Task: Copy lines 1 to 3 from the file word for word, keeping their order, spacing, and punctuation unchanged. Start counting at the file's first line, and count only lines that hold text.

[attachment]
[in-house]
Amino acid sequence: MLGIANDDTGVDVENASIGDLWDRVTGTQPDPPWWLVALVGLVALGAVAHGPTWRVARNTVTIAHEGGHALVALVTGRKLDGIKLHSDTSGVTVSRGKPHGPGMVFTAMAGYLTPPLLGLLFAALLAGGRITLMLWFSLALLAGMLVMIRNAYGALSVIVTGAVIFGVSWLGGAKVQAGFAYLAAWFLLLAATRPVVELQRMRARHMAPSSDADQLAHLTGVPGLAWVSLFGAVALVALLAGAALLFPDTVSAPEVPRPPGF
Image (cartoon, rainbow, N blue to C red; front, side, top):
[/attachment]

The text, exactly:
[in-house]
Amino acid sequence: MLGIANDDTGVDVENASIGDLWDRVTGTQPDPPWWLVALVGLVALGAVAHGPTWRVARNTVTIAHEGGHALVALVTGRKLDGIKLHSDTSGVTVSRGKPHGPGMVFTAMAGYLTPPLLGLLFAALLAGGRITLMLWFSLALLAGMLVMIRNAYGALSVIVTGAVIFGVSWLGGAKVQAGFAYLAAWFLLLAATRPVVELQRMRARHMAPSSDADQLAHLTGVPGLAWVSLFGAVALVALLAGAALLFPDTVSAPEVPRPPGF
Image (cartoon, rainbow, N blue to C red; front, side, top):